Listing 4 (nsexample.xml): a sample document with namespaces
<ClientInfo xmlns=""



    Fourthought, Inc



    Management Subcontracting





The following is the result of running listing 3 against this file.

$ python nsexample.xml

Element: {}ClientInfo


                Text: '\n  '

                Element {}Description

                Text: '\n  '

                Element {}Title

                Text: '\n  '

                Element {}MinIncrement

                Text: '\n  '

                Element {}InvoiceNumber

                Text: '\n'

Element: {}Description


                Text: '\n    Fourthought, Inc\n  '

Element: {}Title


                Text: '\n    Management Subcontracting\n  '

Element: {}MinIncrement


                Text: '0.25'

Element: {}InvoiceNumber


                Text: '7777'  

You can see how the namespace is built into the tag name variables. One problem with elementtree's handling of namespaces is that the prefixes used in the original XML document are not preserved, as they are with DOM and the like. This is mostly an inconvenience: prefixes are strictly inconsequential in XML namespaces. But it can be enough of an annoyance that you should be aware of it. For example, I took the document in Listing 4 and ran it through the round-trip script (which just uses elementtree to read in a document and print it right back out again). I got the following result:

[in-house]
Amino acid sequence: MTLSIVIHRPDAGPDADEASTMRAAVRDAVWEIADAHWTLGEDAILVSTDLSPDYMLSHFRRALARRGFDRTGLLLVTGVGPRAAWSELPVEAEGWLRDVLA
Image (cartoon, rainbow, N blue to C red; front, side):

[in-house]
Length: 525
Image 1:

<ns0:ClientInfo xmlns:ns0="">

  <ns1:Description xmlns:ns1="">

    Fourthought, Inc


  <ns2:Title xmlns:ns2="">

    Management Subcontracting





This is identical to the original document according to the rules of XML namespaces, but you can see the lexical differences, including the generic prefixes and the change in location of the namespace declarations.


elementtree includes APIs for mutating documents. Suppose that I decide to change the body of the memo. Listing 5 is a script that does so.

Listing 5 ( an example of mutation using elementtree
import sys

from elementtree.ElementTree import ElementTree, SubElement

doc = ElementTree(file="memo.xml")

#find the "body" element by tag name

body = doc.getroot().findall("body")[0]

#Remove all child elements, text (and attributes)


#Insert new lead text

body.text = "This is a new memo.  Send responses to \n"

new_element = SubElement(body, 'a', {'href': ''})

new_element.text = ""

new_element.tail = "\nThanks.\n"

#write out the modified XML


I use getroot() to get the document (top-level) element and then the findall() method to find the body element, which I'll be manipulating. This latter method is similar to the get_elements_by_tag_name() functions I introduced in the last article. The method clear() eliminates any attributes, text, and child elements from an element. In effect it leaves me with a blank body element, which I can then repopulate by setting initial content. In this example I add content that includes an element, which I can do using the SubElement() factory function, which automatically appends the resulting element to a parent element. The tag name is a and I add attributes by passing in a dictionary. I complete the mutation by adding content to the new a element (as new_element.text) and to its parent, the body element (as new_element.tail). Finally, I write out the result, which looks like this:


<title>With Usura Hath no Man a House of Good Stone</title>

<date form="ISO-8601">2003-02-01</date>

<to>The Art World</to>

<body>This is a new memo.  Send responses to

<a href=""></a>